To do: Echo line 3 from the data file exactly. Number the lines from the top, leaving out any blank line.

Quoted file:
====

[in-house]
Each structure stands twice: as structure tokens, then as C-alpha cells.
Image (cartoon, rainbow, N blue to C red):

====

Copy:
Image (cartoon, rainbow, N blue to C red):